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RECORD NUMBER: 2 OF 5

OLS Field Name OLS Field Data
Main Title Formation of Inorganic Particles during Suspension Heating of Simulated Wastes.
Author Mulholland, J. A. ; Sarofim, A. F. ; Yue, G. ;
CORP Author Massachusetts Inst. of Tech., Cambridge. Dept. of Chemical Engineering. ;Tsinghua Univ., Beijing (China).;Environmental Protection Agency, Research Triangle Park, NC. Air and Energy Engineering Research Lab.
Publisher c1991
Year Published 1991
Report Number EPA-68-02-4247; EPA/600/J-91/154;
Stock Number PB91-223354
Additional Subjects Aerosols ; Separation ; Particle size distribution ; Incinerators ; Simulation ; Condensates ; Air pollution control ; Stationary sources ; Nickel inorganic compounds ; Lead inorganic compounds ; Cadmium inorganic compounds ; Waste disposal ; Reprints ;
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NTIS  PB91-223354 Most EPA libraries have a fiche copy filed under the call number shown. Check with individual libraries about paper copy. 11/26/1991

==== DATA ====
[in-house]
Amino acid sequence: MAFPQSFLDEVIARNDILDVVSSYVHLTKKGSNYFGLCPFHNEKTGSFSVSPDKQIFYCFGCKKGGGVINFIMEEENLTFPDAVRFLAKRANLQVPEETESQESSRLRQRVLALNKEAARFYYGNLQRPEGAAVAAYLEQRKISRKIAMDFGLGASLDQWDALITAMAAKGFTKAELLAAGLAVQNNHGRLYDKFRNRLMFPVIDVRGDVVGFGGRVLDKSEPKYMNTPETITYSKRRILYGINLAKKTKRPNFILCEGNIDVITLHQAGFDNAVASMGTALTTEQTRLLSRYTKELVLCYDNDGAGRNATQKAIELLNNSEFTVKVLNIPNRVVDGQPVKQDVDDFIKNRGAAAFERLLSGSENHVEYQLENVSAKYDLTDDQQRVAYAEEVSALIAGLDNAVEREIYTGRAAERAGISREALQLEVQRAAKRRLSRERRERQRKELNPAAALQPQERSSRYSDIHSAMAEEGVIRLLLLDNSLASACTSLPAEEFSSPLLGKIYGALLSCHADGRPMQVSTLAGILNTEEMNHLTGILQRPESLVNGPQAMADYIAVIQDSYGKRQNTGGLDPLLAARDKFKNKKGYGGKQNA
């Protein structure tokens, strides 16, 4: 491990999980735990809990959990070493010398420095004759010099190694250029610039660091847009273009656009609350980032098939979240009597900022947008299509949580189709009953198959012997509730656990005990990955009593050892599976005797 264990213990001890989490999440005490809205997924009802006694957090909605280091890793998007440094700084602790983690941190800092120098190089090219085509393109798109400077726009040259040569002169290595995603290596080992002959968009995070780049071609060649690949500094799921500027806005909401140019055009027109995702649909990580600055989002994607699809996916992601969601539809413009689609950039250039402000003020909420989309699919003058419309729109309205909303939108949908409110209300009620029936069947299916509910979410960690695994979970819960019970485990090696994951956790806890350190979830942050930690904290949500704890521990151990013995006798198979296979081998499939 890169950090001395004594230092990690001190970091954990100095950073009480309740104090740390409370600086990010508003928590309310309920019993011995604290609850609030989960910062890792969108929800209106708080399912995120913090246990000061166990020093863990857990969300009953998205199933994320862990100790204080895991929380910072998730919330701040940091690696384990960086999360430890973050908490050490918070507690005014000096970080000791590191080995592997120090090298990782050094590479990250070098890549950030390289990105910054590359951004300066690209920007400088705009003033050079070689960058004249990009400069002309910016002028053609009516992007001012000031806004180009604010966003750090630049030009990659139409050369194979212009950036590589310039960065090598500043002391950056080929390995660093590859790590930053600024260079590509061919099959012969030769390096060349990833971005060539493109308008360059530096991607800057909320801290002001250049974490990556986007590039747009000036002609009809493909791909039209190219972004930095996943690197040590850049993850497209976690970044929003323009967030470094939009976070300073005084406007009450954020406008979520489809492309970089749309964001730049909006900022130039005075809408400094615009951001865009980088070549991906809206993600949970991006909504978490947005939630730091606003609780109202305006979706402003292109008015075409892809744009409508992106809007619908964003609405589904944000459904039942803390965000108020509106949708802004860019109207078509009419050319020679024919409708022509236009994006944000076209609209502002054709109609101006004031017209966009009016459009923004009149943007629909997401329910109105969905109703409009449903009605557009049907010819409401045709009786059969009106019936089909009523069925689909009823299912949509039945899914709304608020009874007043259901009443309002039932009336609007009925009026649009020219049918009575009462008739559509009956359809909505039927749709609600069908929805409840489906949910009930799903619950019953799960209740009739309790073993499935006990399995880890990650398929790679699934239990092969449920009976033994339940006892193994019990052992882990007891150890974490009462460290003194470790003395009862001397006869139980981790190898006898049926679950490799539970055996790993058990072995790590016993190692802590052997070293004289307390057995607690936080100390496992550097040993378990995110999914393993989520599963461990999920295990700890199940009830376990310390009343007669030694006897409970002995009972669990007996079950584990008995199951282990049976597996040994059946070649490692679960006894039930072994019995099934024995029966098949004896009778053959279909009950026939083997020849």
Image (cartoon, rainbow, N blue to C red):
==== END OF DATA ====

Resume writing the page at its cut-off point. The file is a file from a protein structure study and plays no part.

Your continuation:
Collation 8p
Abstract
The paper gives results of measurements of metal partitioning between the fine condensation aerosol and the larger particles produced during rapid heating of aqueous and organic solutions containing metal additives with widely varying volatilities in a laboratory-scale furnace operated over a range of temperatures (900-1500 K). A stream of monodisperse droplets (nominal diameter of 36 micrometers) was injected into an isothermal, laminar drop-tube reactor, quickly developing into a stream of droplets with heterogeneous size distribution due to droplet collision and coalescence. Gas was introduced to disperse the droplet stream, eliminating droplet interactions after 3 cm (2 ms) of flight. In the remaining 90% of reactor length, the droplets vaporized and burned, yielding inorganic particles of various sizes. Aqueous solutions containing nitrates of Cd, Pb, and Ni gave rise to particles with trimodal size distributions. Partitioning of the larger particles between residual and intermediate modes is suggestive of particle porosity variation. In addition, ultrafine particles, with submicron aerodynamic diameter, were formed, both by the anticipated vaporization pathway and by an unexpected explosive fragmentation mechanism. The fraction of submicron particles produced upon heating of a NiCl2 solution was higher than that formed by the heating of a Ni(NO3)2 solution.